- A kidney stone is a calculus or a crystalline mass that has formed in the pelvis of the kidney. Kidney stones are composed principally of urates, oxalates, phosphates, and carbonates, and can be up to an inch or more in diameter
- Dehydration may lead to more concentrated urine and the inability to remove all calculus forming substances.
- Infection may lead to a build up of calculi. Bacteria or scar tissue may serve as the nucleus of the kidney stone.2
- Acidic (low pH) urine may provide an environment conducive to kidney stone formation.
- At one time it was believed that dietary calcium might cause kidney stones.3 However, more recent studies indicate that dietary calcium actually decreases kidney stone formation.4
- Kidney stones are categorized by the minerals that they contain.
- People who live in the southeastern United States are at higher risk. The reasons for this increased geographic risk are not entirely understood, but dehydration due to the higher temperatures may play a role, and regional dietary preferences may also contribute.5
- Those who get kidney stones once are at a high risk of recurrence.
Prevention and Management
- Increasing dietary calcium may help reduce the occurrence of kidney stones.
- Magnesium may reduce the incidence of kidney stones by improving the ratio of calcium to magnesium.6
- Vitamin B6 may reduce the incidence of oxalate containing kidney stones.7
- Increased consumption of fluids, particularly water, reduces the risk of stone formation.
- Reducing intake of meat protein may also help.8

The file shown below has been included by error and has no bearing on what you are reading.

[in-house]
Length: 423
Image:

- There continues to be a debate about whether or not patients prone to kidney stones should take more than 2,000 mg of vitamin C higher a day. A study published in 1996 concluded that there was no correlation between taking large amounts of vitamin C and the occurrence of kidney stones.9
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Curhan GC, Willett WC, Rimm EB, Stampfer MJ. A prospective study of the intake of vitamins C and B6, and the risk of kidney stones in men. J Urol 1996 Jun;155(6):1847-51. PURPOSE: The association between the intake of vitamins C and B6, and kidney stone formation was examined. MATERIALS AND METHODS: We conducted a prospective study of the relationship between the intake of vitamins C and B6 and the risk of symptomatic kidney stones in a cohort of 45,251 men 40 to 75 years old with no history of kidney calculi. Vitamin intake from foods and supplements was assessed using a semiquantitative food frequency questionnaire completed in 1986. RESULTS: During 6 years of followup 751 incident cases of kidney stones were documented. Neither vitamin C nor vitamin B6 intake was significantly associated with the risk of stone formation. For vitamin C the age-adjusted relative risk for men consuming 1,500 mg. daily or more compared to less than 250 mg. daily was 0.78 (95% confidence interval 0.54 to 1.11). For vitamin B6 the age-adjusted relative risk for men consuming 40 mg. daily or more compared to less than 3 mg. daily was 0.91 (95% confidence interval 0.64 to 1.31). After adjusting for other potential stone risk factors the relative risks did not change significantly. CONCLUSIONS: These data do not support an association between a high daily intake of vitamin C or vitamin B6 and the risk of stone formation, even when consumed in large doses.